I've just had a chat with someone else working in my lab who pointed out that beyond my problems with this, the projected image itself would appear to jump erratically around. This would be for the exact same reason that we usually don't notice our eye movements (i.e. stabilisation in the brain factoring them out).

Coming soon. Remove contact lenses before secuity (0)

Anonymous Coward | more than 2 years ago | (#38157864)

We already have to remove shoes.
We already are subject to full body scans.
Soon we will have to remove our contacts just we receive messages from the devil whilst we are flying.

Then there is the chance that the CIA will quietly kill this tech.Farr too James Bond for us normal plebs to be alloed anywhere near it.

coming soon AdBlocker for the eyes (2)

TampaBay (1018216) | more than 2 years ago | (#38157920)

Am I the only one who fears this simply for the possibility of advertisers using it to force us to view even more ads? FF a DVR past commercials? Ads. Popup block on . Ads. Walking down the street, in front of my business? Ads.


Anonymous Coward | more than 2 years ago | (#38158032)

Specially if you mix this with porn, POV movies would be perfect.

Obligatory (0)

Anonymous Coward | more than 2 years ago | (#38158034)

I for one welcome our new lagomorphic cyborg overlords.

hijack strangers' eyes (5, Insightful)

roman_mir (125474) | more than 2 years ago | (#38158064)

the next big thing: hijack other people's vision by cracking whatever needs to be cracked (and it seems there is nothing to crack there, except the frequency at this point), send advertising directly into people's eyes.

You can't even CLOSE your eyes at that point, you close your eyes and the images still keep on coming! (which, by the way, could be a new way to do something about insomnia for some people, just project the jumping sheep right into the eyes for a while).

Re:hijack strangers' eyes (0)

Anonymous Coward | about 2 years ago | (#38158518)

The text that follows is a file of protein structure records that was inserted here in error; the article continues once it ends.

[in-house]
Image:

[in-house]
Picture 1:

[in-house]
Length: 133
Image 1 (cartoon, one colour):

Are you suddenly incapable of removing a contact lens from your eye these days?

Re:hijack strangers' eyes (2)

grim4593 (947789) | about 2 years ago | (#38158584)

For an example of this watch Ghost in the Shell.

Re:hijack strangers' eyes (1)

icebraining (1313345) | about 2 years ago | (#38159416)

Also, Transmet [] .

Re:hijack strangers' eyes (1)

Gaygirlie (1657131) | about 2 years ago | (#38159462)

Well, I know that was meant as a joke, but...there is no backlight so the light has to come from somewhere. And if the eyelid is closed then there is no light-source.

Re:hijack strangers' eyes (1)

roman_mir (125474) | about 2 years ago | (#38159816)

unless it's an OLED in there, in which case: Send Spam Directly to EYES with our new penis improving software.

Think of the children! (1)

davegravy (1019182) | more than 2 years ago | (#38158110)

This will pave the way to a whole new way to goof off in class: Kids will have their eyes and "full attention" on the teacher, all the while playing 3d-shooters or watching porn!

Re:Think of the children! (1)

RivenAleem (1590553) | about 2 years ago | (#38159108)

Until of course the teachers get access to your feed and can tell if you are paying attention or not.

Meh (0)

Anonymous Coward | more than 2 years ago | (#38158136)

Direct brain interfaces are more interesting and will put augmented reality tech on the back shelf anyhow.

No damge? really? (1)

JustNiz (692889) | about 2 years ago | (#38158326)

>> powered remotely using ... gigahertz-range radio-frequency energy from a transmitter placed ten centimetres from the rabbit's eye

>> tests showed no damage or abrasions to the rabbit's eyes after the lenses were removed. ... so wait... sending high energy microwaves into an eye suddenly doesn't cook it any more?

put the display on glasses (1)

georgesdev (1987622) | about 2 years ago | (#38158380)

I wear glasses already, so I'm already used to it.
And frankly, I don't want anyone messing with my eyes.
Plus when it's broken you would not need a surgeon
And putting it on the glasses also solves the peripheral vision problem! If they can make the display small enough to fit in the eye, it's not really harder to make a non intrusive display on glasses.

Re:put the display on glasses (1)

Anonymous Coward | about 2 years ago | (#38158544)

and... it's here !! although still heavily over expensive!!! (hope you guys over at vuzix take note, all yer products would sell like crazy if they were under the 100$ limit):

specially like the tac eye...

Robocop/Terminator Vision (3, Insightful)

Dusthead Jr. (937949) | about 2 years ago | (#38158448)